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A newly formed Houston-based real estate development company has announced its first master-planned community, and it won’t be your run-of-the-mill residential neighborhood.

Meristem Communities expects to break ground on Indigo on 235 acres between the cities of Richmond and Sugar Land in Fort Bend County in December.

The master plan calls for about 750 single- and multifamily homes, parks, a 25-acre lake and more than 70,000 square feet of mixed-use commercial development in a town center, including a multipurpose barn with a market and café.


With about 42 acres reserved for a farm with crop fields, pasture for livestock and farm education opportunities, Indigo will be an agrihood. People will be able to buy fresh produce from the farm.
The community will be focused on walkability and ability to get what you need in walking distance.
“Eighty-five percent of our homes are within a quarter mile of what we’re calling Indigo Commons, which is our little town center,” co-founder Scott Snodgrass said.


He and fellow Meristem co-founder Clayton Garrett also run Agmenity, a company that develops and manages agricultural amenities for residential communities, including in Johnson Development Corp.’s Jordan Ranch in the Katy-Fulshear area and Harvest Green just north of Indigo, and Rockbarn Partners’ Millican Reserve just south of College Station.


Snodgrass and Garrett have owned Indigo's 235 acres off the Grand Parkway and U.S. Highway 90 since 2016 and had been using half of the property for farming. They noticed master-planned communities were going up all around the area and just before the Covid-19 pandemic decided they wanted to develop their own community, but one with a focus on people, walkability and agriculture.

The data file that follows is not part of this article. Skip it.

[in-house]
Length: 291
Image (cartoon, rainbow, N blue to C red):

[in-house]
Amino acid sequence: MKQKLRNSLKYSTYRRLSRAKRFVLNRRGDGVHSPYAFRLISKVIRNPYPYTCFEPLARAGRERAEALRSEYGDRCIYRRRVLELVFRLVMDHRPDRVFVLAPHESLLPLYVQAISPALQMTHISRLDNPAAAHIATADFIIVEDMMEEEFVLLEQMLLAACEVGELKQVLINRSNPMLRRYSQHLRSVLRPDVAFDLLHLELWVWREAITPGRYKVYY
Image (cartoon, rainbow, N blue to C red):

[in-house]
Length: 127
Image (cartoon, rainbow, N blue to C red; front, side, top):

They founded Meristem in February 2021 and began planning. They engaged Encinitas, California-based consulting firm TST Ink; Pleasanton, California-based architecture firm Dahlin Group; Houston-based landscape architecture firm CultivateLand; The Woodlands-based land developer Rochester Development; Sausalito, California-based land design firm SWA Group; and The Woodlands-based engineering firm Elevation Land Solutions.


“The goal is to have people really connect deeply with their neighbors and understand their neighborhood in a different way than you see in what we consider a traditional master plan,” Garrett said.
Homes will be built by David Weekley Homes, Highland Homes and Empire Communities, with home construction expected to begin in the fourth quarter of next year.


There will be about 500 detached single-family homes ranging from 800 square feet on 35-foot wide lots to 3,100 square feet on 50-foot lots, 100 duplexes, 54 three-story townhomes and about 100 apartments in three-story buildings with retail on the first floor.


Snodgrass and Garrett said they are in talks with several potential retail tenants, including a brewery. They expect to open the community in February 2024.


The Meristem partners said they will take experiences and lessons learned from developing Indigo to use for future developments.


“We don’t want to be type-casted as master-planned community developers,” Snodgrass said. “I think we’ll do other kinds of development as well, whether it's commercial retail development in the city (or) whether it's rehabbing an old, worn-out strip center in the suburbs that’s no longer performing well and turning it into a place that people want to be in.”

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